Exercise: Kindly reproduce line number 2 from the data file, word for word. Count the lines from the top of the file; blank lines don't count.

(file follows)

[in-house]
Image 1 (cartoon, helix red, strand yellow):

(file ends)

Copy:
Image 1 (cartoon, helix red, strand yellow):